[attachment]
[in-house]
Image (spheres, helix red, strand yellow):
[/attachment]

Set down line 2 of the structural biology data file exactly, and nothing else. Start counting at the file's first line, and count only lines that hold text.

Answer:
Image (spheres, helix red, strand yellow):